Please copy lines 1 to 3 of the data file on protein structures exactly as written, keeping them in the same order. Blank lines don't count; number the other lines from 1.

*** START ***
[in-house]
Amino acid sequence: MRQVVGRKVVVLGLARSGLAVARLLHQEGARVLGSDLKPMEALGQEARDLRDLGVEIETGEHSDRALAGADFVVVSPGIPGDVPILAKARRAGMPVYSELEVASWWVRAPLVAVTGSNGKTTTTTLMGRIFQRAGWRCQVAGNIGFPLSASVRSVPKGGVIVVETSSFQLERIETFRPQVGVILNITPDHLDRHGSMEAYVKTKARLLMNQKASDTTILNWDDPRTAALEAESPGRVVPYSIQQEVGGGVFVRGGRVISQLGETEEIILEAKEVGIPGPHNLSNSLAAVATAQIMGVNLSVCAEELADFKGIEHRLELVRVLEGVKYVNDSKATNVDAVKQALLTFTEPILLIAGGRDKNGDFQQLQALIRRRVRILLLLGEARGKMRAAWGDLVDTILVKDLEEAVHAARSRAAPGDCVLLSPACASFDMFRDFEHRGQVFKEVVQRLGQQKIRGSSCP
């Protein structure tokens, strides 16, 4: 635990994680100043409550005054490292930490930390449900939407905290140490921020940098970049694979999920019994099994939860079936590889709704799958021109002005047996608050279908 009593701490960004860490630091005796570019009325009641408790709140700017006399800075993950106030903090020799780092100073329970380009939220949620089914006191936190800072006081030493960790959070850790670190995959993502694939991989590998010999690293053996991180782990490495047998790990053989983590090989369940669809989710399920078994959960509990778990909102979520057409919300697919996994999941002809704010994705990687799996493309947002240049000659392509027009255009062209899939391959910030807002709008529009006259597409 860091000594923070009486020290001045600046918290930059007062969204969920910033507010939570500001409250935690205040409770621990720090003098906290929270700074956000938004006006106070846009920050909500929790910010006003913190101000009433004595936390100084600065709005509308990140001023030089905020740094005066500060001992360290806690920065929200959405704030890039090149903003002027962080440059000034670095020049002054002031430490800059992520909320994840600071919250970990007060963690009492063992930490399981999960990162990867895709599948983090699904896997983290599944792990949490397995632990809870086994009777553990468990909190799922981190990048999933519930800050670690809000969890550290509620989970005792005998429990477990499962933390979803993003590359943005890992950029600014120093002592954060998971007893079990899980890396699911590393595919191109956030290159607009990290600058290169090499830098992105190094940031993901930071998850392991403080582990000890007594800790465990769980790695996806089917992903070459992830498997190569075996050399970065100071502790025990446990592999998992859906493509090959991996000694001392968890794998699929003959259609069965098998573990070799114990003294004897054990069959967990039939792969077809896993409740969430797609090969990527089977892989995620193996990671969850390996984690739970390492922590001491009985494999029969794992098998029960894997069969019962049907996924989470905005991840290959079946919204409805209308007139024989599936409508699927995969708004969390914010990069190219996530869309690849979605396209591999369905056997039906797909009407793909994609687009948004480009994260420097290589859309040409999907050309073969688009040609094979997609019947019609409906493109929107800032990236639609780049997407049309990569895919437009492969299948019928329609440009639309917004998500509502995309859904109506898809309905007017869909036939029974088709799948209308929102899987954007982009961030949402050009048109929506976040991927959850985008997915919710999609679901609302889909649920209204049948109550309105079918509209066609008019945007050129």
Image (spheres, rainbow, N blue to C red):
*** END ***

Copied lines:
[in-house]
Amino acid sequence: MRQVVGRKVVVLGLARSGLAVARLLHQEGARVLGSDLKPMEALGQEARDLRDLGVEIETGEHSDRALAGADFVVVSPGIPGDVPILAKARRAGMPVYSELEVASWWVRAPLVAVTGSNGKTTTTTLMGRIFQRAGWRCQVAGNIGFPLSASVRSVPKGGVIVVETSSFQLERIETFRPQVGVILNITPDHLDRHGSMEAYVKTKARLLMNQKASDTTILNWDDPRTAALEAESPGRVVPYSIQQEVGGGVFVRGGRVISQLGETEEIILEAKEVGIPGPHNLSNSLAAVATAQIMGVNLSVCAEELADFKGIEHRLELVRVLEGVKYVNDSKATNVDAVKQALLTFTEPILLIAGGRDKNGDFQQLQALIRRRVRILLLLGEARGKMRAAWGDLVDTILVKDLEEAVHAARSRAAPGDCVLLSPACASFDMFRDFEHRGQVFKEVVQRLGQQKIRGSSCP
């Protein structure tokens, strides 16, 4: 635990994680100043409550005054490292930490930390449900939407905290140490921020940098970049694979999920019994099994939860079936590889709704799958021109002005047996608050279908 009593701490960004860490630091005796570019009325009641408790709140700017006399800075993950106030903090020799780092100073329970380009939220949620089914006191936190800072006081030493960790959070850790670190995959993502694939991989590998010999690293053996991180782990490495047998790990053989983590090989369940669809989710399920078994959960509990778990909102979520057409919300697919996994999941002809704010994705990687799996493309947002240049000659392509027009255009062209899939391959910030807002709008529009006259597409 860091000594923070009486020290001045600046918290930059007062969204969920910033507010939570500001409250935690205040409770621990720090003098906290929270700074956000938004006006106070846009920050909500929790910010006003913190101000009433004595936390100084600065709005509308990140001023030089905020740094005066500060001992360290806690920065929200959405704030890039090149903003002027962080440059000034670095020049002054002031430490800059992520909320994840600071919250970990007060963690009492063992930490399981999960990162990867895709599948983090699904896997983290599944792990949490397995632990809870086994009777553990468990909190799922981190990048999933519930800050670690809000969890550290509620989970005792005998429990477990499962933390979803993003590359943005890992950029600014120093002592954060998971007893079990899980890396699911590393595919191109956030290159607009990290600058290169090499830098992105190094940031993901930071998850392991403080582990000890007594800790465990769980790695996806089917992903070459992830498997190569075996050399970065100071502790025990446990592999998992859906493509090959991996000694001392968890794998699929003959259609069965098998573990070799114990003294004897054990069959967990039939792969077809896993409740969430797609090969990527089977892989995620193996990671969850390996984690739970390492922590001491009985494999029969794992098998029960894997069969019962049907996924989470905005991840290959079946919204409805209308007139024989599936409508699927995969708004969390914010990069190219996530869309690849979605396209591999369905056997039906797909009407793909994609687009948004480009994260420097290589859309040409999907050309073969688009040609094979997609019947019609409906493109929107800032990236639609780049997407049309990569895919437009492969299948019928329609440009639309917004998500509502995309859904109506898809309905007017869909036939029974088709799948209308929102899987954007982009961030949402050009048109929506976040991927959850985008997915919710999609679901609302889909649920209204049948109550309105079918509209066609008019945007050129």